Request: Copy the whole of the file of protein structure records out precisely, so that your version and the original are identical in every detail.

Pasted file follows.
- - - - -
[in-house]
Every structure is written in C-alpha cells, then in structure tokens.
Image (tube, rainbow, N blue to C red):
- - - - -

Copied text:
[in-house]
Every structure is written in C-alpha cells, then in structure tokens.
Image (tube, rainbow, N blue to C red):